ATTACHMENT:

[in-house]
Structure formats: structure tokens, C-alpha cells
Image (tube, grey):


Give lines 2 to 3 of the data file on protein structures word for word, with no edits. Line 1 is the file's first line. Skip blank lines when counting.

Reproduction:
Structure formats: structure tokens, C-alpha cells
Image (tube, grey):